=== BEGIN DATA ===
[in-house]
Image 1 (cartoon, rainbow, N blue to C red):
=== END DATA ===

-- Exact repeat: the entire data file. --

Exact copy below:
[in-house]
Image 1 (cartoon, rainbow, N blue to C red):